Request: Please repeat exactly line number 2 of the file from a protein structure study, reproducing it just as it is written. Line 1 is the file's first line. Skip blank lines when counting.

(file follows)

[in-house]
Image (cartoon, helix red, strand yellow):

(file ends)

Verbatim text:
Image (cartoon, helix red, strand yellow):